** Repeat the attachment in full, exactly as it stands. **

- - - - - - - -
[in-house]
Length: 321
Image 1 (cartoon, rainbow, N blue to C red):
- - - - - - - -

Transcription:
[in-house]
Length: 321
Image 1 (cartoon, rainbow, N blue to C red):